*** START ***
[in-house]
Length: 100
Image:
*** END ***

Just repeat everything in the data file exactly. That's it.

[in-house]
Length: 100
Image: